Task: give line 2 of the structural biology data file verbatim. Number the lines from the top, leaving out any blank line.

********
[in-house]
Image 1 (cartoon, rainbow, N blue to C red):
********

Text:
Image 1 (cartoon, rainbow, N blue to C red):